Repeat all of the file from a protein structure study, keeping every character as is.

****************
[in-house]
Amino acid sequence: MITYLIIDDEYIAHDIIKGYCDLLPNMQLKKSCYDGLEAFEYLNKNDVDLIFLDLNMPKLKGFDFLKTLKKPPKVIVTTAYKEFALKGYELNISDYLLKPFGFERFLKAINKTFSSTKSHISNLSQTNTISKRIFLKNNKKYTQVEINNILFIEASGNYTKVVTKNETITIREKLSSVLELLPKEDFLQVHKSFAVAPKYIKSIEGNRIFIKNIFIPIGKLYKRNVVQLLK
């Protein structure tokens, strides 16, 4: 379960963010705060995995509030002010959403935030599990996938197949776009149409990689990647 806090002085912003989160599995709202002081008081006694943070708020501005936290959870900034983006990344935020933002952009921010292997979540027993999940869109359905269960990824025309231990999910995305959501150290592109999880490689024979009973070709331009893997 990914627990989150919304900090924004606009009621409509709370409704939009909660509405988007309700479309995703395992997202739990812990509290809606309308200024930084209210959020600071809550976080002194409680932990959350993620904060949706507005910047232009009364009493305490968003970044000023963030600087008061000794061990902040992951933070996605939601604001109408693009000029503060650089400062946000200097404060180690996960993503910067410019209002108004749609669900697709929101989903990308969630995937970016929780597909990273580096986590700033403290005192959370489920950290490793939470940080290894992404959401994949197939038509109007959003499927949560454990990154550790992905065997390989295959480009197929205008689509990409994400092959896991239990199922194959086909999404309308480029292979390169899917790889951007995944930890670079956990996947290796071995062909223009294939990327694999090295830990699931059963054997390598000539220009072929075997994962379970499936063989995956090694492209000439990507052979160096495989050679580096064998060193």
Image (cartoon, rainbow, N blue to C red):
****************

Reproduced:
[in-house]
Amino acid sequence: MITYLIIDDEYIAHDIIKGYCDLLPNMQLKKSCYDGLEAFEYLNKNDVDLIFLDLNMPKLKGFDFLKTLKKPPKVIVTTAYKEFALKGYELNISDYLLKPFGFERFLKAINKTFSSTKSHISNLSQTNTISKRIFLKNNKKYTQVEINNILFIEASGNYTKVVTKNETITIREKLSSVLELLPKEDFLQVHKSFAVAPKYIKSIEGNRIFIKNIFIPIGKLYKRNVVQLLK
């Protein structure tokens, strides 16, 4: 379960963010705060995995509030002010959403935030599990996938197949776009149409990689990647 806090002085912003989160599995709202002081008081006694943070708020501005936290959870900034983006990344935020933002952009921010292997979540027993999940869109359905269960990824025309231990999910995305959501150290592109999880490689024979009973070709331009893997 990914627990989150919304900090924004606009009621409509709370409704939009909660509405988007309700479309995703395992997202739990812990509290809606309308200024930084209210959020600071809550976080002194409680932990959350993620904060949706507005910047232009009364009493305490968003970044000023963030600087008061000794061990902040992951933070996605939601604001109408693009000029503060650089400062946000200097404060180690996960993503910067410019209002108004749609669900697709929101989903990308969630995937970016929780597909990273580096986590700033403290005192959370489920950290490793939470940080290894992404959401994949197939038509109007959003499927949560454990990154550790992905065997390989295959480009197929205008689509990409994400092959896991239990199922194959086909999404309308480029292979390169899917790889951007995944930890670079956990996947290796071995062909223009294939990327694999090295830990699931059963054997390598000539220009072929075997994962379970499936063989995956090694492209000439990507052979160096495989050679580096064998060193």
Image (cartoon, rainbow, N blue to C red):